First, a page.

N4091 C++ Standard Core Language Active Issues, Revision 90 William M. Miller 2014-07-07 2014-07 N4018 Core  
N4092 C++ Standard Core Language Defect Reports and Accepted Issues, Revision 90 William M. Miller 2014-07-07 2014-07 N4019 Core  
N4093 C++ Standard Core Language Closed Issues, Revision 90 William M. Miller 2014-07-07 2014-07 N4020 Core  
N4094 Response To: Let return {expr} Be Explicit H. Hinnant, V. Voutilainen 2014-07-06 2014-07   Evolution  
N4104 Working Draft, Technical Specification for C++ Extensions for Parallelism Jared Hoberock 2014-07-04 2014-07 N3960    
N4105 Information technology – Programming languages, their environments and system software interfaces – Technical Specification for C++ Extensions for Parallelism Jared Hoberock 2014-07-04 2014-07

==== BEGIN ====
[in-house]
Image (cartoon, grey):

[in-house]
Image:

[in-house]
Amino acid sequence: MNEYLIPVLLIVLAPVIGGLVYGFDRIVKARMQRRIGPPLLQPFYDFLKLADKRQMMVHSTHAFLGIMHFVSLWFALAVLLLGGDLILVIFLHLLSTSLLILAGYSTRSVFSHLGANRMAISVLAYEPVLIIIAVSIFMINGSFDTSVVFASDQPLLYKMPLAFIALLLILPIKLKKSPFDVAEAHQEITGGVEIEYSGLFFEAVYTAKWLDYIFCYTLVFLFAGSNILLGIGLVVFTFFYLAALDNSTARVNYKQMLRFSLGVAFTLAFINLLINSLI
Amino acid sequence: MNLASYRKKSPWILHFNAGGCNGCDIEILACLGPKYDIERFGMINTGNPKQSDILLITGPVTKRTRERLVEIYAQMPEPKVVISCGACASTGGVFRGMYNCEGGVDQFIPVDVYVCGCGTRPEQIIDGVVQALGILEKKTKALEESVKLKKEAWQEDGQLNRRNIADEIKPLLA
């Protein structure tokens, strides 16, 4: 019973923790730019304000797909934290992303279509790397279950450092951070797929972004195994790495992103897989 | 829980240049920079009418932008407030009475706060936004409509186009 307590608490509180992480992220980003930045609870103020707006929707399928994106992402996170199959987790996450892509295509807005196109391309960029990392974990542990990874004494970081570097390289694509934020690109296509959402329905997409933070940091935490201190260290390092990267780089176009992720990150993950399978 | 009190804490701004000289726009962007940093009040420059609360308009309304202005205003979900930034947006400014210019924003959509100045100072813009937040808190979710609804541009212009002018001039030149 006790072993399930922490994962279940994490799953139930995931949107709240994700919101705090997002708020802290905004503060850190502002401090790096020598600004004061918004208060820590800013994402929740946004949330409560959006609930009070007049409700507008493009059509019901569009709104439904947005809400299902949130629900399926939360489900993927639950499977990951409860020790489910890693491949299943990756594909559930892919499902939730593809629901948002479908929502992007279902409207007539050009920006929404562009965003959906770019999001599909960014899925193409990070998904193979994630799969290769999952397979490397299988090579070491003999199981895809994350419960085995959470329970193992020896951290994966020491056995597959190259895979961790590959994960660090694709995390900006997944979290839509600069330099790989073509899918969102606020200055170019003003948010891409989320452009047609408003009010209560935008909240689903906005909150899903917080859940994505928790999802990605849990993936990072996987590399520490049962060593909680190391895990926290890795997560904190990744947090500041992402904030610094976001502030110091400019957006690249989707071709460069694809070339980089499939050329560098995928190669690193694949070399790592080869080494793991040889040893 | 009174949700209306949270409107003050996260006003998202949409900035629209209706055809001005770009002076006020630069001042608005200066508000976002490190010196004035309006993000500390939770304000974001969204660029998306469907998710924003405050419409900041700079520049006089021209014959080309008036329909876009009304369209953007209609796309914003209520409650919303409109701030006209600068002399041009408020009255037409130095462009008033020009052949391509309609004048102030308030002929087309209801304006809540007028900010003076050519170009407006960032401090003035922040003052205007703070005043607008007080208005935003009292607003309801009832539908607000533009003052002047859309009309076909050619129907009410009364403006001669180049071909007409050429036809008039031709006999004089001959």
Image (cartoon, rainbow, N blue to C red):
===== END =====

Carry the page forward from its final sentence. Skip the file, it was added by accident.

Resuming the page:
N4106 Parallelism TS Editor's Report, post-Rapperswil Jared Hoberock 2014-07-04 2014-07      
N4107 Working Draft, Technical Specification for C++ Extensions for Concurrency Artur Laksberg 2014-07-07 2014-07 N3970    
N4108 Concurrency TS Editor's Report, July 2014 Artur Laksberg 2014-07-02 2014-07      
N4111 Static reflection (rev. 2) Matúš Chochlík 2014-07-02 2014-07   Reflection  
N4115 Searching for Types in Parameter Packs B. Seymour, S. Lavavej 2014-07-04 2014-07   Library  
N4117 C++ Standard Library Active Issues List (Revision R89) Alisdair Meredith 2014-07-08 2014-07 N3967 Library  
N4118 C++ Standard Library Defect Report List (Revision R89) Alisdair Meredith 2014-07-08 2014-07 N3968 Library  
N4119 C++ Standard Library Closed Issues List (Revision R89) Alisdair Meredith 2014-07-08 2014-07 N3969 Library  
N4120 Null Coalescing Conditional Operator Alexander Bock 2014-07-02 2014-07   Evolution